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SHOULDER INJURIES IN TALENTED, COMPETITIVE SWIMMERS
  1. Elsbeth van Dorssen1,2,
  2. Janine Stubbe3,4
  1. 1The Royal Dutch Swimming Federation, the Netherlands, Nieuwegein, The Netherlands
  2. 2AMC Amsterdam, Academic Center for Evidence based Sports medicine (ACES), Amsterdam, The Netherlands
  3. 3Amsterdam University of Applied Sciences, Faculty of Sports and Nutrition, Amsterdam, The Netherlands
  4. 4Codarts University of the Arts, Rotterdam, The Netherlands

    Abstract

    Background Shoulder injuries are common in swimmers. However, prevalence and risk factors for shoulder injuries in talented, competitive swimmers are unknown.

    Objective To gain insight in the prevalence and risk factors for shoulder injuries in talented swimmers.

    Design A prospective cohort study was conducted.

    Setting Talented, Dutch swimmers, competing at National or International level, swimming at talent or training Centres of the Royal Dutch Swimming Federation.

    Patients (or Participants) 128 swimmers were included at the start of the study. Five swimmers were excluded due to missing technique data, five swimmers quit their swimming career during the follow-up for different reasons than shoulder injuries. Data of the remaining 118 swimmers were included into the analyses.

    Interventions (or Assessment of Risk Factors) At baseline the following swimming technique was recorded during a 200 m race: 1. Maximal forward flexion in the shoulder joint during glide phase; 2. Crossing the vertical midline axis of the swimmers body with the hand during thrust-phase; 3. Dropped elbow (elbow at a lower level than line shoulder-wrist), at hand entry or early pull-through. Furthermore, online questionnaires were send to the participants on a two-weekly basis to record the time-loss shoulder injuries.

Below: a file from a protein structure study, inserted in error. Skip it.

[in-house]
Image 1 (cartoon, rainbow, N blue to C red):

Main Outcome Measurements A time-loss shoulder injury was defined as: ‘a shoulder complaint occurred as a result of participation in swimming practice or competition, resulted in the restriction of swimmers participation of at least 1 day’. Prevalence and incidence rates were calculated.

    Results In total, 28,8% of the swimmers sustained a shoulder injury during 1 year. Chi-squared tests showed an association between crossing the midline during thrust-phase and shoulder injuries (p-value=0.03). No significant association was found between the two other swimming techniques and shoulder injuries.

    Conclusions The prevalence of shoulder injuries is high in talented, competitive swimmers. Crossing the midline during thrust-phase may be a risk factor in developing shoulder pain.

    • Injury

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